Plastic particles themselves can contain and release toxic chemicals, including additives and contaminants adsorbed to them, such as previously mentioned. Microplastics leaching these hazardous chemicals inside the body can cause endocrine disruption and reproductive, developmental, and other harmful effects. A wealth of scientific evidence supports this for large plastic items. However, whether microplastics bring these chemicals into the human lungs, placenta, or other organs is still under investigation.
Research suggests that the corona on a plastic's surface can be a carrier as well, introducing pathogens into the body that can increase the risk of infection. Plastic particles could also act as a breeding ground for antimicrobial resistance, disrupt the gut microbiome, and theoretically, plastic aerosols could spread the COVID-19 virus. Studies are currently underway to test these hypotheses.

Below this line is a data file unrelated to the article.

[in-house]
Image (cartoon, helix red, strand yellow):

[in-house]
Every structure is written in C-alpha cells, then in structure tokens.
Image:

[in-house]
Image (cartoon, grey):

Knowledge Gaps and Burning Questions
For this field to advance significantly, three crucial knowledge gaps should be addressed. How much plastic is in the body and where does it go? Are the plastic particle doses in blood and tissues sufficiently high enough to trigger or mediate responses leading to diseases? This information is crucial for an adequate risk assessment. Researchers also need a better understanding of the interaction of plastic particles at the cellular and tissue levels, and to discover the role of the changing properties of the particles influencing their fate and toxicity. Eventually, we need to know how plastic particles differ from other ambient particles. Do they have a unique toxicological profile given their persistence, wide size range, and complex nature? Finally, how much do plastic particles contribute to total particle burden and global mortality and disease burden? Especially in unborn infants and children who are in theory, more at risk from (micro)plastic pollution because their body systems, including their immuno-surveillance system, are still developing.